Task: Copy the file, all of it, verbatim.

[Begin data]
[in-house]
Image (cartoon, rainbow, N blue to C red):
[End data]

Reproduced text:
[in-house]
Image (cartoon, rainbow, N blue to C red):